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A Journal on Internal Medicine
Indexed/Abstracted in: BIOSIS Previews, Current Contents/Clinical Medicine, EMBASE, PubMed/MEDLINE, Science Citation Index Expanded (SciSearch), Scopus
Impact Factor 1,6
Panminerva Medica 2002 September;44(3):179-84
Gram-positive bacterial resistance. A challenge for the next millenium
Bassetti M., Melica G., Cenderello G., Rosso R., Di Biagio A., Bassetti D.
From the Infectious Diseases Department, S. Martino Hospital, University of Genoa School of Medicine, Genoa, Italy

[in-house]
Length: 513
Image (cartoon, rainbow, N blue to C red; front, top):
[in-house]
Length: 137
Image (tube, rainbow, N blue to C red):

Penicillin G was first used in 1941. Since then, the trend in bacterial infections has changed. New antibiotics have been developed and bacterial resistance has spread as a consequence. The spread of Gram positive resistant bacteria is related to an inappropriate use of antibiotics. Antibacterial agents are abused or overused in various fields: medicine itself, veterinary science and zootechnics. Now, at the beginning of the third millennium we have been forced to limit our therapeutic options in order to combat these insidious enemies. Selective antibiotic pressure on the microbial population, notably on enterococci and staphylococci, made these two pathogens recalcitrant to traditional chemotherapy. It is a matter of concern that today, vancomycin-resistant Enterococcus spp. (VRE) and vancomycin-intermediate and resistant Staphylococcus aureus (VISA and VRSA) are now being observed worldwide among emerging pathogens. Most pharmaceutical companies are today developing antimicrobial drugs that are active against Gram-positive bacteria. Quinupristin/dalfopristin and linezolid are the most promising drugs and are available only for serious infections; future agents being developed for multi-resistant Gram-positive infections include daptomycin and the glycyclines, although these are still in the development phase. Nevertheless, our group has had the opportunity to treat some serious infections with these drugs and the good results achieved are reported in this review.